Soccer Stars Give Newtown Kids Something To Smile About

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This was Chris Canetti's idea. This is Marcus Tracy's hometown.

The idea was to bring the beautiful game to a place where, for a day, ugliness knew no bounds. And while no game could ever undo the 26 senseless murders at Sandy Hook Elementary School on Dec. 14, nearly 50 stars of American soccer did their best Monday to put smiles on the faces of the children and the parents of those children who push on from one of the worst tragedies in our nation's history.

If the number of stars from Major League Soccer and the U.S. men's and women national teams and the number of joyful smiles that lit up this early January night are used to quantify that mission, Soccer Night in Newtown was a grand success.

Landon Donovan was at the Newtown Youth Academy Sports & Fitness Center. Cobi Jones and Alexi Lalas were there. Kristine Lilly, Mia Hamm and Christie Rampone were there. More than 30 other MLS stars were there, too.

They signed autographs for more than 1,000 Newtown kids and their families over two sessions. They broke down into soccer games. There were giant inflatables to romp in. Bob Ley, host of ESPN's "Outside the Lines" and one of America's premier sports journalists, was the master of ceremonies. It was fitting, because this was one of the great collections of American soccer players ever assembled in one place.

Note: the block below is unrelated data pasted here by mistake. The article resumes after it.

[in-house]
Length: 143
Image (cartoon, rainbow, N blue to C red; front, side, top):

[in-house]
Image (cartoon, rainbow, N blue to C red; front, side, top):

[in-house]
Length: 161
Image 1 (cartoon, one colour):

"Maybe the greatest of all time," Canetti said.

For Tracy, now playing for the San Jose Earthquakes, this was especially emotional.

"Growing up here and having lived 18 years of my life here, I was deeply impacted by it," Tracy said. "Obviously nothing like the families that suffered such great loss.

"This is my town. This is my home. Newtown is and always has been a soccer town. It's great to see the response of the U.S. soccer community. And it's important to see people out here, getting the young kids out here and show them a good time again. Sort of restore that sense of normalcy and see them smile and run around and laugh."

The idea started with Canetti, president of the Houston Dynamo. He grew up in Guilford. He went to Quinnipiac.

"I'm no different than any other American who on the weekend of the tragedy sat around my house terribly saddened and shocked," Canetti said. "I just kept wondering, 'What can we do?' On a whim that next Monday morning driving into work I picked up my cellphone and called Eric Da Costa."

Da Costa is the head coach at Quinnipiac, and Canetti had a question.

"One simple question," Canetti said. "Tell me what type of soccer town Newtown is. I had lost touch. He told me it's a huge soccer town. Big club there, good high school programs, boys and girls, and a facility. I said, well, we should do something. You're grass roots. You're tied to the Connecticut communities. I'm with the pros."

Da Costa told Canetti, "Let's do it."

Da Costa reached out to the Connecticut Football Club, which secured the Newtown facility for the night and sent over a bunch of coaches.

The initial idea was to hold a clinic. Canetti called up a number of his Dynamo players about coming to Newtown. Brian Ching, Brad Davis, Ricardo Clark, Corey Ashe and Tally Hall …

"They all said the same thing," Canettii said. "Yes, yes, yes."

After looking into it more, Canetti and others realized a clinic was not going to impact enough people.

"We might have had 20 kids here, 20 there, it wasn't big enough," Canetti said.

So they decided on a fanfest.

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